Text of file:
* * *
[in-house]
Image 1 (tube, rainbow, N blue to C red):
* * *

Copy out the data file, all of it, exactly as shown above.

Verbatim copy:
[in-house]
Image 1 (tube, rainbow, N blue to C red):